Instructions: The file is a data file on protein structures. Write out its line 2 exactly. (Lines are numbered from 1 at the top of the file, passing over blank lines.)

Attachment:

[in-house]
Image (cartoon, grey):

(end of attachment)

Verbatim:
Image (cartoon, grey):